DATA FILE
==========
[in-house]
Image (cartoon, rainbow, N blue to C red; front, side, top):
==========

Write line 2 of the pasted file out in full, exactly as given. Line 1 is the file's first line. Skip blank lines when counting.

Image (cartoon, rainbow, N blue to C red; front, side, top):